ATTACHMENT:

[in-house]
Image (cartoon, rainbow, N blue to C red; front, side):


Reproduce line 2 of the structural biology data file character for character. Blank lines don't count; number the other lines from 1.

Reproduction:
Image (cartoon, rainbow, N blue to C red; front, side):